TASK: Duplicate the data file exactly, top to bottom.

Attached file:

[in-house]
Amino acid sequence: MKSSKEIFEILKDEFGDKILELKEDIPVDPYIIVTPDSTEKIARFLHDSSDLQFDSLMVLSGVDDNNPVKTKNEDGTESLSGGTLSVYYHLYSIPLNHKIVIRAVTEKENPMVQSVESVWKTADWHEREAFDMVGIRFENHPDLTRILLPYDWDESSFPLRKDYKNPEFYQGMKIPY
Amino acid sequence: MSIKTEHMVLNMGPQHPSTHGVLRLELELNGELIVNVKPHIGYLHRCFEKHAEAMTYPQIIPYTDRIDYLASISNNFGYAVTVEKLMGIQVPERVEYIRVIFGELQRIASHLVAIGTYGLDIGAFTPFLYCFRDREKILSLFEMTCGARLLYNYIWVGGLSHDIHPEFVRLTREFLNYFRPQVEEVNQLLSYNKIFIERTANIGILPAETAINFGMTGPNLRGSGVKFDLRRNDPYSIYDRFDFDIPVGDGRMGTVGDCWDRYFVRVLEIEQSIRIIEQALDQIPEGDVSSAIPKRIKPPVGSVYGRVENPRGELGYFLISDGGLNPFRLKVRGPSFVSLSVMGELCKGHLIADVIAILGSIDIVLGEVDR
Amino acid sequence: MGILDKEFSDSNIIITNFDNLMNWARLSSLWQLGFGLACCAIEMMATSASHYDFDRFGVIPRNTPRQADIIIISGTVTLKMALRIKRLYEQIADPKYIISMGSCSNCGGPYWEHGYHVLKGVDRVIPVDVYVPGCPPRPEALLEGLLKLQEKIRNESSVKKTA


[in-house]
Amino acid sequence: MKSSKEIFEILKDEFGDKILELKEDIPVDPYIIVTPDSTEKIARFLHDSSDLQFDSLMVLSGVDDNNPVKTKNEDGTESLSGGTLSVYYHLYSIPLNHKIVIRAVTEKENPMVQSVESVWKTADWHEREAFDMVGIRFENHPDLTRILLPYDWDESSFPLRKDYKNPEFYQGMKIPY
Amino acid sequence: MSIKTEHMVLNMGPQHPSTHGVLRLELELNGELIVNVKPHIGYLHRCFEKHAEAMTYPQIIPYTDRIDYLASISNNFGYAVTVEKLMGIQVPERVEYIRVIFGELQRIASHLVAIGTYGLDIGAFTPFLYCFRDREKILSLFEMTCGARLLYNYIWVGGLSHDIHPEFVRLTREFLNYFRPQVEEVNQLLSYNKIFIERTANIGILPAETAINFGMTGPNLRGSGVKFDLRRNDPYSIYDRFDFDIPVGDGRMGTVGDCWDRYFVRVLEIEQSIRIIEQALDQIPEGDVSSAIPKRIKPPVGSVYGRVENPRGELGYFLISDGGLNPFRLKVRGPSFVSLSVMGELCKGHLIADVIAILGSIDIVLGEVDR
Amino acid sequence: MGILDKEFSDSNIIITNFDNLMNWARLSSLWQLGFGLACCAIEMMATSASHYDFDRFGVIPRNTPRQADIIIISGTVTLKMALRIKRLYEQIADPKYIISMGSCSNCGGPYWEHGYHVLKGVDRVIPVDVYVPGCPPRPEALLEGLLKLQEKIRNESSVKKTA